What are we to make of this? The article by Floyd Norris points the way to explanations of the data that have policy implications.

The High Unemployment Rate among the Young. In a typical household, the respondent will be an older person, who will be worried about the self-sufficiency and marriage prospects of the younger members of the household. So of course the young people are looking for work. If they are not working, it is because the system is failing them and so they are unemployed.

I believe each household will be very focused on jobs for young members of the family. I therefore think we can trust the data for unemployment among young people.

The problem is that young people need to acquire work habits and skills. The Department of Labor is promoting apprenticeships to bridge the work-habit and skills gap for young people. As I have said before, I think this is a good program.

Questionable Data on the Elderly. For those 55 years and over, however, the issue is not skills but health, fatigue and inertia. Layoffs become permanent because older workers lose their skills during a long period of unemployment.

Respondents to the survey may be more indulgent if grandpa or grandma is unemployed. He or she may have an ailment that prevents them going to work. The savings of the grandparents may be inadequate for a comfortable retirement, but they aren't up to answering advertisements.They may show up under the "long-term unemployed" or "discouraged workers" but most likely they are counted as just not being in the labor force.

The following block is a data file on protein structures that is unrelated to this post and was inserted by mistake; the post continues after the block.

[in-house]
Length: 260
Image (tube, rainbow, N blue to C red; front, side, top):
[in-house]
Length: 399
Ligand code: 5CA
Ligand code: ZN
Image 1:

So they don't show up as unemployed, but they have valuable knowledge and would take a job if one was offered. What I am thinking is that the unemployment data are understated in the oldest age group and that a program that would parallel apprenticeship for the oldest workers would be useful.

Two public-policy implications of this come to mind:
  • To avoid losing large numbers of older workers in a downturn, the Federal Government should subsidize a kurzarbeit program whereby workers are put on shorter weeks rather than some of them being laid off. These preserves worker skills for the uptick in business.